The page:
I have been reading poetry lately. (Don’t judge me!)
It’s rather shockingly helped, where practically nothing has. Maybe it’s simply because poetry is rather flexible to interpretation. It’s pretty easy to read a poem and somehow make it about me (narcissistic, are we? maybe a little).
In particular, I’ve been reading The Art of Losing, a collection of poems put together by Kevin Young. I recommend it 100 x 1 kazillion (yes, one whole kazillion). I consider myself at a fourth-grade reading level when it comes to poetry. I pretty much stopped at Shel Silverstein’s books and never progressed much further than that. But, as mentioned above, I find that I’m more often than not finding solace in some of these poet’s poetic poetry. I haven’t finished it yet for a few reasons – (1) I usually start crying; (2) I am trying to become a better reader/writer, which means I now read with a dictionary – so looking up words now and then slows things down a bit; and (3) I try to re-read them. Sometimes, I just blow through a poem if it seems uninteresting at the moment and really don’t give it the time/attention it deserves. So, the next time I pick up the book, I go back and re-read most of everything I read before and really have picked up on a lot more by doing that.
In the introduction to the book, the collector of this collection Kevin Young writes about the grief process: “…it brings out the best in us, and at times the worst, if only because it is utterly human. It can feel inevitable, but is so personal, so differently pitched for each, that it can reside across a great gulf. Yet poetry, like grief, can be the thing that bridges the gab between us, that brings us together and binds us.”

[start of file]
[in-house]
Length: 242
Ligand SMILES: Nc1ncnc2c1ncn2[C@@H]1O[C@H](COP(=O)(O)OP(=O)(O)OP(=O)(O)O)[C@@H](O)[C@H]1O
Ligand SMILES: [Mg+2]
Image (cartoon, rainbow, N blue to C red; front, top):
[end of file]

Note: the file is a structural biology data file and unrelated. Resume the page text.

“…so differently pitched for each, that it can reside across a great gulf.”
Exactly. I just…ugh, I don’t know Kevin Young, but I just am in awe that he can write that as if he’s inside my brain. It’s worded so perfectly…as it should be, I guess, from a renown poet. I couldn’t feel more alone in this, which seems so ridiculous as most people have lost someone close to them. But we do all react or handle or deal with this so completely differently that, in the end, we’re not going through the same thing at all.
I go to grief pages or forums or FB pages and I try – but I do not – connect with the postings. I do not want to see a kazillion smiling puppies and quotes of hope or about God. That just doesn’t work for me. This poetry book does, though. Partly, because Kevin Young seems to get it and has put together a collection of amazing poems that even poetry illiterates can read. And, unfortunately, he does get it because he lost his father. Humbug to life…or rather to death.
Reading this book has inspired a new found appreciation for poetry in me – so much so that I’ve tried to write my own (which is probably at an abysmal second-grade writing level). I’ll save you from it for now, but expect to see my attempts soon, typed, ever-so-diligently on this pretty little typewriter.